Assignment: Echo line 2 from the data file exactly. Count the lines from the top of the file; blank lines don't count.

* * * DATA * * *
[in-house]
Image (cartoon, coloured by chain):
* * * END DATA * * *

Image (cartoon, coloured by chain):